Twined sandals, human-turkey relationships, corrugated whiteware ceramics, fish bone analysis, and maize farming are just a few of the more than 15 professional papers and posters that Crow Canyon associates presented at the 88th Annual Society for American Archaeology (SAA) meeting in Portland, OR. This is the premier U.S. event for sharing archaeological research and best practices and Crow Canyon’s team will be showcasing highlighted projects from our 40 years of collaborative research, education, and American Indian partnerships.
Crow Canyon collaborators on conference deliverables include: Dr. Susan Ryan, Dr. Liz Perry, Dr. Mark Varien, Dr. Ben Bellorado, Dr. Jonathan Dombrosky, Dr. Kellam Throgmorton, Grant Coffey, Paul Ermigiotti, Tyson Hughes, Dr. Elaine Franklin, Dr. Joseph Suina, Kristin Kuckelman, Richard Wilshusen, Julia Coverdale, Eric Gilmore, James (Jim) Potter, Dr. Donna Glowacki, and Jeffrey Jones.
A wide range of fascinating topics are being presented by Crow Canyon representatives including:
– Fashions and Fabrications of the Fanciest Footwear: Two Millennia of Stability and Change in Twined Sandal Use in the U.S. Southwest
– Pathways to the Archaeology of Footwear
– Revisiting the Depopulation of the Northern Southwest with Dendrochronology: A Changing Perspective with New Dates from Cedar Mesa
– Hydrogen and Oxygen (δ2H and δ18O) Isotopes and the Study of Human-Turkey Relationships in the Northern US Southwest
– Ancestral Pueblo Fishing Associated with Mixed Foraging Goals and Environmental Stability in the Middle Rio Grande of New Mexico
– Welcome to the Machine: New Techniques in Predictive Modeling for Improving Data Quality in Zooarchaeology
– The Pueblo Farming Project: Research, Education, and Native American Collaboration
– Forty Years of Sustained Community Center Research in the Central Mesa Verde Region
– Community Organization on the Edge of the Mesa Verde Region: Recent Investigations at Cowboy Wash Pueblo, Moqui Springs Pueblo, and Yucca House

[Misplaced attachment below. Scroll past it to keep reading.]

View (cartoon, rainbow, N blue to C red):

– Educational Programming and the Perceived Benefits of Participation at Crow Canyon Archaeological Center
– Changes in the Temporality of the Landscape during the Chacoan Period in the American Southwest
– Bridging the Long Tenth Century: From Villages to Great Houses in the Central Mesa Verde Region
– What’s the Deal with Corrugated Whitewares? An Analysis of the Corrugated Whitewares from the Haynie Site
– Conceptualizing the Past: The Thoughtful Engagement of Hearts and Minds
– Thirteenth-Century Villages and the Depopulation of the Northern San Juan Region by Pueblo Peoples
Thank you to all our friends for attending these sessions! We loved reconnecting with all of you and sharing ideas about about the future.
A deeper dive into each of the above-mentioned topics will also be included in a special Crow Canyon 40th Anniversary Volume, a publication that celebrates Crow Canyon’s past, present, and future by providing a backdrop to its humble beginnings and highlighting key mission accomplishments since 1983. Stay tuned for details about the volume, expected to be published and available in May 2023. Many of these topics will also be shared at Crow Canyon’s 40th anniversary conference in October.
Travel costs for staff to attend important industry events like this are funded by the William D. Lipe Advances in Research endowment fund. As a non-profit organization, we are grateful for generous donors who make our work possible. Click here to learn more about supporting Crow Canyon.
SAA poster image courtesy of Jonathan Dombrosky